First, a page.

Unity Vs. Marmalade Vs. V-Play Vs. Corona Vs. Cocos2D: Five Cross-platform Game Engines Compared


Previously, game developers only released their creations on one platform at a time. That was before 2007 (or before the very first iPhone was launched), when only a few people were convinced that mobile devices could revolutionize the entire video game industry, said Christopher Reynolds of Mobyaffiliates.

But, with the onset of powerful mobile devices running varying operating systems (Android, iOS, Windows Phone, and BlackBerry OS) and the advent of next-gen consoles (such as Xbox One, PS4, and Wii U), the need to create a “one-size-fits-all” title has become a standard among game developers. The only way of fulfilling this goal is by using cross-platform game engines when coding an app.

If you are looking for the best game engines to code your brilliant concepts and bring your imaginations to life, we’ve got you covered. We’ll feature the various cross-platform engines you can use with a detailed overview of their pros and cons.


Since first release in 2005, Unity has been one of the most popular game engines for neophyte and professional developers in the industry. It enables you to create your games by manipulating objects and elements in 3D and attaching multiple components to them (visual effects, shadows, etc.). Developing an app using the engine requires all scripts to be written in C#, UnityScript, or Boo and attached to various 3D objects as components.

The free version offers a short, closed-source, cross-platform game development kit with full support for Windows, Mac OS X, Linux, and major mobile platforms (iOS, Android). Its pro version (which requires an add-on license) includes a full support for PlayStation, Xbox 360, and Nintendo Wii.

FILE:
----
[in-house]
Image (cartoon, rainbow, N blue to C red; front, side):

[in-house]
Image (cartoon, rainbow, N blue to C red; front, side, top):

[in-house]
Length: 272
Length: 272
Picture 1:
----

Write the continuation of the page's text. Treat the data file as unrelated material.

Pros: Whenever you need to develop a 3D cross-platform game, there is no other powerful tool like Unity.
Cons: As pointed out by Nat Weiss of Binpress, upon “launching Unity for the first time, you may feel like the pilot of a 747 jet plane.”
It’s not easy to master and getting familiar with its tools would normally take up to 8-12 hours.
Examples of games built with Unity: Bad Piggies (Rovio), Temple Run Oz (Disney), Call of Duty®: Strike Team (Activision Publishing, Inc.).


The Marmalade SDK is billed as the fastest solution to build cross-platform games on C++, wrote Aaron Lee on Develop-online.net. The best thing about this engine is that it allows you to open Visual Studio and Xcode projects, apart from its built-in emulator.

Marmalade enables you to easily convert your projects for Android, iOS, Windows Phone, Tizen, BlackBerry, Windows OS, and Mac OS from a single source code. It also gives you the opportunity to integrate standard and third-party libraries without needing virtual machines (such as Java VM) or cross-language translation.

Pros: Mac is not required to create iOS build of your game, Marmalade can do it right from your PC. However, it still provides an option of building it from Mac.
Cons: The only downside of Marmalade, according to Gamedevcoder, is that it has some occasional bugs in its SDK. You’ll also find it difficult to submit your creations to the Apple Store without Mac, although it’s not really too big of a deal if you’re going to publish your games on other ecosystems.
Examples of games built with Marmalade: Draw Something (OMGPOP), Bejeweled Blitz, Plants vs. Zombies (PopCap/Electronic Arts).